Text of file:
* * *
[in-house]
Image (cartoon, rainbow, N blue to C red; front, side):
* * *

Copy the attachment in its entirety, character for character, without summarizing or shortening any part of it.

[in-house]
Image (cartoon, rainbow, N blue to C red; front, side):